The NFL kicks off its "Salute to Service" campaign this week, with Hall of Fame quarterback Roger Staubach playing a major role.
The league will donate $100 for each point scored to the Pat Tillman Foundation, USO, and Wounded Warrior Project for a total of $300 per point. Last year, the first year of the campaign, the NFL donated nearly $800,000.
Each team throughout November will designate one home game to honor the military. Fans will notice players wearing helmet decals honoring the Army, Navy, Air Force, Marines, Coast Guard and National Guard. Camouflage ribbon footballs will be used, as will camouflage goal post wraps, and pylons with camouflage ribbon decals. Players will wear newly designed hats, sweat shirts, gloves and captains patches, and will use camouflage towels on the sidelines. Coaches and sideline personnel will also have camouflage hats, plus camouflage ribbon pins for coaches and team executives.
Footballs, equipment and uniforms used in the games will be auctioned off, with proceeds going to the league's three military nonprofit partners.
USAA, which provides insurance, banking, investment and retirement products and services to 9.6 million current and former members of the U.S. military and their families, will present a Salute to Service Award at the end of the season. Last year's winner was Bears cornerback Charles Tillman.
"Football and the military have always had a special connection, from the great players and games at the U.S. Service Academies to the lift it provides to our thousands of troops around the globe who are able to watch every week," says Staubach, who won the 1963 Heisman Trophy at Navy before leading the Dallas Cowboys to two Super Bowl titles. "This weekend, USAA will be staging powerful gestures of military appreciation at select NFL games across the country, as fans will show their military appreciation with a special 'Thank You' message. One of the games is in New Orleans, and I will have the chance to be there and also meet with, and offer thanks to, military members."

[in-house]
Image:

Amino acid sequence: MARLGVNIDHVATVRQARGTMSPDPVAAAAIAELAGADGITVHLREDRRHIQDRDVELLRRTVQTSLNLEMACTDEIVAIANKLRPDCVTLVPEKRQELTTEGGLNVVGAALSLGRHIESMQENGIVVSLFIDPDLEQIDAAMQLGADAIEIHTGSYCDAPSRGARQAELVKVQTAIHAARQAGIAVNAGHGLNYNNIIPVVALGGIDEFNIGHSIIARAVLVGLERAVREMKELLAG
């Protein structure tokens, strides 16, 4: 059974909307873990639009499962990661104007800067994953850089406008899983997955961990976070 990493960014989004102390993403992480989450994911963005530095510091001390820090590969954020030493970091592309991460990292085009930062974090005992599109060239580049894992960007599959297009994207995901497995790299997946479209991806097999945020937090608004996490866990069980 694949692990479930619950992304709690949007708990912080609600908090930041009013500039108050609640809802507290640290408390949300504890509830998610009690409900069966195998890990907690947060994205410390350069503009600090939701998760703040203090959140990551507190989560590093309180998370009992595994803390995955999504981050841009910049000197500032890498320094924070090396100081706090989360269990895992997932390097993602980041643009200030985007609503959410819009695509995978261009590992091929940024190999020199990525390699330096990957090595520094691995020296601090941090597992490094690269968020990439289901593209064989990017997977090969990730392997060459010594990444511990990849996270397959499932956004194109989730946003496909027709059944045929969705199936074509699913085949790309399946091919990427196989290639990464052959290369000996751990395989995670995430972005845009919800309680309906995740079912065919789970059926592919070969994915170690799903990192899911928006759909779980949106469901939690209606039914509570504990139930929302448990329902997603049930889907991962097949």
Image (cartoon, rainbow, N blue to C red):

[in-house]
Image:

At that game, fans will take part in a card stunt thanking military members and veterans for their service.
UNION BOWL: Several Pro Football Hall of Fame members will coach in the NFL Players Association's all-star game on Jan. 18.
Working as assistants to American team head coach Dennis Green will be defensive tackles coach John Randle and defensive backs coach Darrell Green.
Helping National team coach Dick Vermeil will be wide receivers coach Charlie Joiner.
Also working as assistants for Green will be former NFL standouts Kevin Mawae (offensive line) and Andre Reed (inside receivers). Vermeil can call on Will Shields (offensive line) and Bill Bradley (defensive backs).
COMING ATTRACTIONS: NBC naturally promotes its Sunday night matchups regardless of who will be on the field. Over the next three weeks, though, the quality and significance of the games is noteworthy.
This week, NFC East leader Dallas — yeah, we know, the Cowboys are only 5-4 in the league's weakest division — visit NFC South leader New Orleans (6-2). Saints quarterback Drew Brees has a habit of doing big things in prime time.